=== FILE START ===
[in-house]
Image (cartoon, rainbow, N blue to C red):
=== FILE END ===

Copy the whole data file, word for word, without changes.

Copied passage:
[in-house]
Image (cartoon, rainbow, N blue to C red):